-On Abidjan Principles On The Right To Education, Other Treaties Regarding Rights To Education
By Reuben Sei Waylaun
The Coalition for Transparency and Accountability in Education (COTAE), an education right group has trained media and civil society actors to help ensure the full implementation of the Abidjan Principles which guaranteed citizens’ rights to quality and free education as an essential human right.
The Abidjan Principles on the human rights obligations of states to provide public education and to regulate private involvement in education were adopted in Côte d’Ivoire, following a three-year participatory consultation and drafting process.
The Abidjan Principles promises to be the new reference point for governments, educators and education providers when debating the respective roles and duties of states and private actors in education.
They compiled and unpacked existing legal obligations that states have regarding the delivery of education, and in particular the role and limitations of private actors in the provision of education.
They provide more details about what international human rights law means by drawing from other sources of law and existing authoritative
In Liberia, COTAE trained twenty-five Liberian journalists selected from different media institutions across the country at a local hotel to discuss the important role the media has to play in making national government complies with the Abidjan principles which compels governments to provide quality education for its citizenry as a fundamental human right guaranteed under Article 26 of the Universal Declaration of Human Rights (UDHR).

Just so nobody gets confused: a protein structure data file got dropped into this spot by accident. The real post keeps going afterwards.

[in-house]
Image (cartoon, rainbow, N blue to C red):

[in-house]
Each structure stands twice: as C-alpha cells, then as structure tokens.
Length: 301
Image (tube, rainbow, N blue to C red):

Speaking at the daylong training, the National Coordinator for COTAE, Mr. Anderson Miamen empathized that the right to education is a transformative and modifier issues that must be respected and protected by the Liberian Government in line with local laws and international treaties and protocols it has signed.
The training also brought together CSO actors in the area of human rights, the Ministry of Education among others.
Speaking at the training as one of the facilitators, Deputy Education Minister for Research and Planning, Alton V. Kesselly disclosed that about 13% of teachers deployed within the country’s school system are below high school qualification, while the country still struggles with limited access to early childhood education.
At the same time, ActionAid Country Director in Liberia, Madam Laskmi Moore stressed that privatization of education is not the way out of this situation.
She said “The government must provide quality and free education for its people because by law, it is under obligation to do so and it is the fundamental right of the people to demand these rights at all times.”
Human Rights Activist and Coordinator of the Civil Society Human Rights Platform, Adama Dempster stressed the need for the implementation of international protocols as one of the main challenges facing the sector.
Dempster said “Liberia has signed over 100 international protocols and treaties governing these rights. However, we see that implementation is the problem.”
He wants the media greatly involved to report on these issues so that the government does not continuously violates right of the people.
Beneficiaries of the training commended COTAE for providing what they called ‘insightful’ training and vowed to amplify the call by the right organization for the education of all Liberians